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Calf Bustin Fun: Table Mountain

Posted on August 02, 2012 | 0 comments
Table Mountain is probably the most difficult hike I have done in my life. It is one of the most distinct landmarks on the Washington side of the Columbia Gorge. This is an 8 mile loop hike, with a rapid 3350 ft elevation gain. Calves will protest, and the "Heartbreak Trail" rings true to it's name with seemingly never-ending switchbacks.
 This is a view of Table Mountain's impressive rock face, which pictures, of course, do not do justice. I snapped this photo after we had already been hiking for hours. This was about where we ran into a young gentleman who had practically collapsed and was sweating buckets. The Table Mountain hike connects with the PCT, and apparently two of this guy's friends convinced him to do the Pacific Crest Trail with no real training and a 60 pound pack. He was hating his friends, and I don't blame him. Although, I have to say... It's a bad idea to leave a person by himself in that condition, and an even worse idea to let them "catch up". This guy could have easily, in his exhausted condition, lost footing and gone over one of the cliff edges. Just sayin'.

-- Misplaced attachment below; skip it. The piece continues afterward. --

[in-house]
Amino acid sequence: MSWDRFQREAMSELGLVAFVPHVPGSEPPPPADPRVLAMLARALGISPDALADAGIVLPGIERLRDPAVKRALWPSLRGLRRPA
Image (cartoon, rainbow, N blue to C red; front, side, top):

Super epic lookout point!
Crawling up the long rockslide is fun, so long as you remember not to look too closely into the crevices! I'm sure hikers have become alarmed by creepy-crawly creatures and this is not the place to lose your footing. Yes, that is a person about half way down the slide.
 There is a spectacular 360 degree view from the top. On a clear day you can see Mt. Rainier, Mt. Adams, and Mt. St. Helens on one side, and from the cliff face you can see Mt. Hood.
The overcast and cool weather worked in our favor, keeping us cooler on this difficult hike, but the views would be even more amazing if the sky was clear.
Some views from around the summit.
 
 An enormous anthill!
 Lovely carpenter ants hard at work.
Depressing clearcuts ruining the view.
It is far too difficult to go back the way you come up, so there is a different trail leading back down but it is far from easy. We lost our footing several times, and it is now clear to me how useful hiking poles can be. I think I'll invest some in the near future! At this spot we could see the rock slide we had climbed up. It's hard to tell from the size from these pictures.
On the drive out, we realized neither of us had taken a picture of the entirety of Table Mountain. I tried to snap a quick shot from the car. I extend my thanks again to the Columbia Gorge, for sharing her magnificence with me.  
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